“It really became a safe haven for me, being able to put all of my energy into creating this tiny thing, that I could be proud of. And the more I got into it, the more comfortable I felt looking into the community.”
It was during lockdown that Katie first began sharing her hobby on Instagram, building up her following to sit at more than 60,000 today. And, in it, she discovered a whole new layer of support.
“It all snowballed very quickly, I wasn’t just welcomed into the community with opened arms, it was more like being wrapped in the most comforting bear hug you could imagine,” Katie says. “Through the encouragement and kindness, my confidence grew. I see myself now, as almost unrecognisable compared to where I was before I started this journey. The impact of both my hobby, and the Warhammer community, has been immeasurable.”
When considering what it may be that makes this particular community so supportive, Katie says she believes there are many hobbyists with a similar story to hers, which creates a culture of empathy. In a TableTop Tactics YouTube video, uploaded on World Mental Health Day 2021, Katie and her co-worker Joe Pointing spoke about many of these topics, opening up about their own experiences and the way the hobby has supported each of them.
“It kind of blew up way more than we expected it to,” Katie says. “Both of us, and the main Tabletop Tactics account, were flooded with messages over the next few days. People reached out to say how much it meant to them seeing that they weren’t alone, and shared their experiences. I think that was when I realised just how incredible the Warhammer community is, as a whole.”
The comments section of that YouTube video is full of others sharing their own mental health stories, as well as the ways that Warhammer has supported them. With all that in mind, Tom’s latest venture makes a lot of sense.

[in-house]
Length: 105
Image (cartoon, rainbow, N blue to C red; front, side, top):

“I know I’m not alone in my story, and that’s why I’ve founded Mental Hammer,” he explains. “It’s a mental health platform that fuses together the two best parts of me; the desire to create with the desire to help. Mental Hammer aims to be an online platform that encourages discussion and openness around mental health issues, specifically within the tabletop and geek community.
“Those of us who are attracted to geek culture often feel like outcasts and wallflowers, and struggle to fit in. These are the kinds of people Mental Hammer wants to reach. We create content, mostly written articles, that share our stories and talk about mental health. We’re here to have a conversation, to share, to discuss, and to break down stigma. If we remind each other that we’re not alone out there, we’re fulfilling our mission. If we encourage someone to take the first step towards getting professional help, we’re changing lives.”
Online and IRL, in independent shops, local gatherings, after-school clubs, garages, and on dining tables, for those who want to connect with like-minded people (and for those who want to score coveted critical hits), Warhammer offers a space. And, with the escapism, the focus, the solidarity, and the fun, it only makes sense that people like Tom and Katie are putting the mental health conversation on the table.